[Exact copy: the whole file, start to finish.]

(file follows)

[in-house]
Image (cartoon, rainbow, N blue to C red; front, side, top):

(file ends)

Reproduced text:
[in-house]
Image (cartoon, rainbow, N blue to C red; front, side, top):